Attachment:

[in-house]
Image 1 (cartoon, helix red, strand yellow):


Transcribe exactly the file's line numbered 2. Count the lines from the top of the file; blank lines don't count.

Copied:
Image 1 (cartoon, helix red, strand yellow):